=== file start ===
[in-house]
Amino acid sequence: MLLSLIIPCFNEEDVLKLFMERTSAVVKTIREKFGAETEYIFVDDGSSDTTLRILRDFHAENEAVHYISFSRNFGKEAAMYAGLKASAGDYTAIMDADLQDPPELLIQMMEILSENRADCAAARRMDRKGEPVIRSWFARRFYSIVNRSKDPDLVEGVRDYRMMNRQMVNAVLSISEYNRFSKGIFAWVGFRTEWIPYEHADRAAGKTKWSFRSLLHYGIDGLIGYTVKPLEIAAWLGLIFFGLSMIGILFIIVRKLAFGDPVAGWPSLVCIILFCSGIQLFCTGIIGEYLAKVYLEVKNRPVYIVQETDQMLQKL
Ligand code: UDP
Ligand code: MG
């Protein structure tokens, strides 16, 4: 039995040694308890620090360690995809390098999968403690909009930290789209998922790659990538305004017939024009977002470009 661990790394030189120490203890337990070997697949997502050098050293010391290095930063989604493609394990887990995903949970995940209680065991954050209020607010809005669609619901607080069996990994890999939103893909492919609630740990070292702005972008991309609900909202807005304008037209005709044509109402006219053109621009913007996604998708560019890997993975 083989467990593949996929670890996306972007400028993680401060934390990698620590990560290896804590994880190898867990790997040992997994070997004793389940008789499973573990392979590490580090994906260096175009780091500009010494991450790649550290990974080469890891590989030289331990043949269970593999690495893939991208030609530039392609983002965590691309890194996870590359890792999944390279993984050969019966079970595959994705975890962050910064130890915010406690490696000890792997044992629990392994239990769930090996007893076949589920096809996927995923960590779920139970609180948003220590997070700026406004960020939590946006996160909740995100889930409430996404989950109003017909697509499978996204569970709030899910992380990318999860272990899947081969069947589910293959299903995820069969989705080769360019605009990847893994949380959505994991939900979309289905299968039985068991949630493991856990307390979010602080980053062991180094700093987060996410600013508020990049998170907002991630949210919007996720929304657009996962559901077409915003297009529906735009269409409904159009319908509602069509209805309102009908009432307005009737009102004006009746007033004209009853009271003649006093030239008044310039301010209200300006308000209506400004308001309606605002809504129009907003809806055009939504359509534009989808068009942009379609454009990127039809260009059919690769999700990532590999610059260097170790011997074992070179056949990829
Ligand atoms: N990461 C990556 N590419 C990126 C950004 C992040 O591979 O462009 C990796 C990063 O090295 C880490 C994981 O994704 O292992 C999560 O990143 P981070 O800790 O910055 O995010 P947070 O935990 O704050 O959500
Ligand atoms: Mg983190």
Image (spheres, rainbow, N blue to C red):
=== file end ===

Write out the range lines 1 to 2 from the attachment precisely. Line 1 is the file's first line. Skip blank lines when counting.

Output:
[in-house]
Amino acid sequence: MLLSLIIPCFNEEDVLKLFMERTSAVVKTIREKFGAETEYIFVDDGSSDTTLRILRDFHAENEAVHYISFSRNFGKEAAMYAGLKASAGDYTAIMDADLQDPPELLIQMMEILSENRADCAAARRMDRKGEPVIRSWFARRFYSIVNRSKDPDLVEGVRDYRMMNRQMVNAVLSISEYNRFSKGIFAWVGFRTEWIPYEHADRAAGKTKWSFRSLLHYGIDGLIGYTVKPLEIAAWLGLIFFGLSMIGILFIIVRKLAFGDPVAGWPSLVCIILFCSGIQLFCTGIIGEYLAKVYLEVKNRPVYIVQETDQMLQKL